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Seen and Heard Prom Review

PROM 35: Lambert, Coleridge-Taylor, Stanford and Elgar, Mark Stone (baritone), Phillipe Graffin (violin), BBC Concert Orchestra/Barry Wordsworth, Royal Albert Hall, 11 August, 2005 (ED)

Have you ever sat in a concert and wondered why on earth you were there? Well, that’s exactly what went through my mind again and again during this one. In fact, my mind was semi-occupied with Walton, Vaughan Williams, Richard Strauss and Beethoven, but more of them as I proceed.

Of course, I chose to go. The reasons for the choice were plain enough as, on paper, a potentially interesting web of musical associations was promised. Three works had sea associations relating to this year’s major Proms theme – those of Stanford and Lambert being self-evident; that of Coleridge-Taylor was less so (the score for the concerto was lost aboard RMS Titanic en route to the world premiere, leading to hasty re-writing). Stanford was also Coleridge-Taylor’s teacher, and he (C-T) received his first major commission with the help of Alfred Jaeger, forever ‘Nimrod’ of Elgar’s Variations on an Original Theme. Just as Elgar’s The Dream of Gerontius – barely two weeks ago – illustrated exactly what the Proms does best, this was nothing more than a slot-filler in the schedule.

The performance proved a non-entity almost from first to last. Mind you, look at what they actually had to work with in terms of music. The craftsmanship of the composition ranged from the mundane to the average; inspiration hardly featuring to any great degree in the first three works. If Lambert’s eclectic style brought shades of Walton and Vaughan Williams to mind (rarely and briefly), I was left wishing that I was listening to something with at least a fraction of their inspiration.

Instead, something well meaning yet stolid from another age was in progress. A journey down memory lane for some perhaps - to a dimly remembered monochrome flick or of school days long past (Stanford) – but no matter how well meaning neither could end soon enough. The kindest thing, it is often said, is to sail a ship serenely out of port and scuttle her at midnight with dignity intact. In musical terms read that as ‘acknowledge the importance these composers had for their age, but don’t perform it any more, please’. The little Englanders were happy and the grey rinse brigade too, but please, composition even in England, has moved on so much…

It seemed hardly anyone noticed the scrappy playing. Alright, so the BBC Concert Orchestra is not the Vienna Phil (we have to wait a few weeks for them), but even so standards were on the ocean’s floor. Violins and violas for the most part dominated with shrill tone. The celli and basses, floundering at first, eventually found something like their depth – but hardly distinctively. Timpani and brass proved dominant and, as repeatedly happened, dominated proceedings to a degree they should not have. Woodwind solos seemed to count for little.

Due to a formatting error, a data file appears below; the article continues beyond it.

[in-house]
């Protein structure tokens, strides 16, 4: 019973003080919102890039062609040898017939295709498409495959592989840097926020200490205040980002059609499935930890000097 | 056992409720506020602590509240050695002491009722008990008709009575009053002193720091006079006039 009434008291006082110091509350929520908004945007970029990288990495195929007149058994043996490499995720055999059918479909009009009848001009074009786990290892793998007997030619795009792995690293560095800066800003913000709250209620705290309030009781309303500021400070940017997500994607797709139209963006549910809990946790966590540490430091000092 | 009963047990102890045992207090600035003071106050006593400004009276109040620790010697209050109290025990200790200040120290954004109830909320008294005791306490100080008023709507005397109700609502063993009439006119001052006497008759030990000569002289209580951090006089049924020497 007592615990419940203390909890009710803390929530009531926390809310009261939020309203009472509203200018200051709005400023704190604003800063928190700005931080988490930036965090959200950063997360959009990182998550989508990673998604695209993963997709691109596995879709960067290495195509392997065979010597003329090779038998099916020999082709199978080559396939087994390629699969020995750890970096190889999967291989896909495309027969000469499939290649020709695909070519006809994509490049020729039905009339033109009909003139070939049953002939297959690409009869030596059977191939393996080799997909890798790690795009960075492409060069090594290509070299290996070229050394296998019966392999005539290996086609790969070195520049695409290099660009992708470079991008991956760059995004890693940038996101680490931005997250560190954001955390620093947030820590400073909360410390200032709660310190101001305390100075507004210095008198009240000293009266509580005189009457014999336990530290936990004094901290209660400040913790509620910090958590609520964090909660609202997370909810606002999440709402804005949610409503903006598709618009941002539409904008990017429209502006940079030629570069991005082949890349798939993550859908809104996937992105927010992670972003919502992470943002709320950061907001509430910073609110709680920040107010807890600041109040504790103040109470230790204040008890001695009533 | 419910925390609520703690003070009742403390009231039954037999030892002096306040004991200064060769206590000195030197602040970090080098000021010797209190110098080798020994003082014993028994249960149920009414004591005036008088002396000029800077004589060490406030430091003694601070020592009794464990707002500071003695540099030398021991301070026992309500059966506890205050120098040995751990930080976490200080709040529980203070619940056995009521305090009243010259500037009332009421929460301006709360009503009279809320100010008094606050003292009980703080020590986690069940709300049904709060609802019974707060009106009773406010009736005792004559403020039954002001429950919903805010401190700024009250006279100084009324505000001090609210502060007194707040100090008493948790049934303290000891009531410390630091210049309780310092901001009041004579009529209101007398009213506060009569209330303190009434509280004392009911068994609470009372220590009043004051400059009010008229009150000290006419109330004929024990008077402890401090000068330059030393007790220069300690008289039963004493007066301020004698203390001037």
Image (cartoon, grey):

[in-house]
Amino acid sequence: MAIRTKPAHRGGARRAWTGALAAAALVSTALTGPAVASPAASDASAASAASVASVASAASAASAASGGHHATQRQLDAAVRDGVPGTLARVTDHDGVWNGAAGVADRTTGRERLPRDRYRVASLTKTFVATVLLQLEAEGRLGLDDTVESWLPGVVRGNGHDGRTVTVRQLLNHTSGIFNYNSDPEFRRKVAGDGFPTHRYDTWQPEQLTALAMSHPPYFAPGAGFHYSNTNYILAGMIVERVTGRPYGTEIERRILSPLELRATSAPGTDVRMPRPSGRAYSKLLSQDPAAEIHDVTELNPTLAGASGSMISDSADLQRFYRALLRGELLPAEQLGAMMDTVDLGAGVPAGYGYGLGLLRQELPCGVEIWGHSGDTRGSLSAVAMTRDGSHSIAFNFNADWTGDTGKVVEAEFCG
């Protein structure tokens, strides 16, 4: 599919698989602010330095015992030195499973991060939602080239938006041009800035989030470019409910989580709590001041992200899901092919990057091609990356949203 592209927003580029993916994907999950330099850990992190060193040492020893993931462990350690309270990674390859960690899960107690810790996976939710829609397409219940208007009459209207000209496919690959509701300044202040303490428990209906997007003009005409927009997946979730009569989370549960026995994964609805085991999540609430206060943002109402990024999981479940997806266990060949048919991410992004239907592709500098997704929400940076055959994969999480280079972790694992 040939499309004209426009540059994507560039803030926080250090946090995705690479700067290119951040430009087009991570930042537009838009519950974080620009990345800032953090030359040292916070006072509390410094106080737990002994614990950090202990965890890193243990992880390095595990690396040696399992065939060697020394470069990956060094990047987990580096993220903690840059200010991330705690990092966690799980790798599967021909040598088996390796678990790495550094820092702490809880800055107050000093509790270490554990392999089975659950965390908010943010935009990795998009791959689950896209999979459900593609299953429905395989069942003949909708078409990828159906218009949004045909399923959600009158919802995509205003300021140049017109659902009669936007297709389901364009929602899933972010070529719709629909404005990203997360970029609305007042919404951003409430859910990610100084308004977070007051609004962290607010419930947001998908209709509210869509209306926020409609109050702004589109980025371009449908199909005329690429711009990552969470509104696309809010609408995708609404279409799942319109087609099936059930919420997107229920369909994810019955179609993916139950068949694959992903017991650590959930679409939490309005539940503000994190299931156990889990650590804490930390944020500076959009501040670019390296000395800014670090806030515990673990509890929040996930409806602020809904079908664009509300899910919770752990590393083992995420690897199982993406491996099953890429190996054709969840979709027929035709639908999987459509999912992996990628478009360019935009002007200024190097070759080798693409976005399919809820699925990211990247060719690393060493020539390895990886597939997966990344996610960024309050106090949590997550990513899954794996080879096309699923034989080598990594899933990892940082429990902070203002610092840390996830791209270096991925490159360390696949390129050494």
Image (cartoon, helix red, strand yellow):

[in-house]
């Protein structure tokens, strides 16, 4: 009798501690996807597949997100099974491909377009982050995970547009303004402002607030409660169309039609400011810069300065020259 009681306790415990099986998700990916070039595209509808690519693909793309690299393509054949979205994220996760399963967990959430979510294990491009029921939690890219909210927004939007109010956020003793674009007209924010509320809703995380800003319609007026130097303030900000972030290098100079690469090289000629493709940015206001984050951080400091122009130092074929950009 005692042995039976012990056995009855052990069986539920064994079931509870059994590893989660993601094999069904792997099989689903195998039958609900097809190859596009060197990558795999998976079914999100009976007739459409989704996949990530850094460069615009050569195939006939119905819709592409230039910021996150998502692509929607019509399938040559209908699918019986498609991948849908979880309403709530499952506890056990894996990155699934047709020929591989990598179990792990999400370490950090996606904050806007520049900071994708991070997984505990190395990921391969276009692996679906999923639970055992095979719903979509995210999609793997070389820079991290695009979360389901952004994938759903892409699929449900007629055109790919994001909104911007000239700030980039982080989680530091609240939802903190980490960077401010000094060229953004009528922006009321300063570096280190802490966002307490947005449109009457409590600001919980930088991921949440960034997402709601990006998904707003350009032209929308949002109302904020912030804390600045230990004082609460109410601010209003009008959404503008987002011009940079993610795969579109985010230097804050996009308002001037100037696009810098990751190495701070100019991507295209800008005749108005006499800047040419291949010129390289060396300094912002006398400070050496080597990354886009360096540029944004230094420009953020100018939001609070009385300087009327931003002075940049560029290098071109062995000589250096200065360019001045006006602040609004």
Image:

Above it all Wordsworth directed at first with workmanlike dedication; later lunging and flapping extravagantly to little effect. Poor Mark Stone as soloist in the Stanford had not the incisiveness with the text possessed by a Luxon or Allen, though he brought pleasing tone. But he was too frequently caught unawares as orchestral and choral waves swamped his vocal line, a situation that Wordsworth might have done his best to prevent.

The curiosity of the night, Coleridge-Taylor’s violin concerto, proved a curate's egg of a work; indeed to hear it once might be considered enough. The heart of it, the central andante, was pleasing, but the rest barely held together, despite impassioned advocacy from soloist Philippe Graffin. With motifs treated episodically, passed between soloist and orchestra, in unison and repeated beyond their natural strength, there is little of real interest, despite there being two available recordings should you want one. What there is, beyond the nocturnal andante, is chiefly in the rhythmic invention if not the orchestration of the third movement. However, despite committed playing Graffin too failed have enough presence to grip proceedings. Ultimately, it was a deflating experience, given that on record at least Graffin has produced interesting things. His freshly recorded Elgar concerto with Vernon Handley should be worth a listen when it appears.

So finally to the Elgar (and Richard Strauss): “Here for the first time is an Englishman who has something to say.” Some ray of hope was at least in prospect, but it was quickly dashed by the performance. Pancake flat and under-characterized, Wordsworth’s approach was, shall I say, spacious: to the point of lengthy pauses inserted between variations, though thankfully he refrained from squeezing the lifeblood from Nimrod, as I feared he might given the evening so far. It was hard to credit that this, an English orchestra and conductor, should attempt to reduce Elgar to bare mediocrity. If you listened hard there was a slight distant grinding before the organ’s entry in the finale: Elgar, Wood, Boult, and the rest all turning in their graves. Who could blame them?

Perhaps the time has come to look more closely at the mission and quality of BBC performing groups together with the Proms, and to take both in new directions – even if that should mean quality at the expense of mediocrity in all its forms. “O Freunde, nicht diese Töne!” – and yes, it took a German to say it first, but he had a point…

Evan Dickerson



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